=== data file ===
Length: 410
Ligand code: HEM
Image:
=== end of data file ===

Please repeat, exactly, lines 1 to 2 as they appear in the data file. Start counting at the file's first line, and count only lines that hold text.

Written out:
Length: 410
Ligand code: HEM